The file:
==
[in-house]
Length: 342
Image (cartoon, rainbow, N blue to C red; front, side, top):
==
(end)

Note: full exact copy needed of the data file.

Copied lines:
[in-house]
Length: 342
Image (cartoon, rainbow, N blue to C red; front, side, top):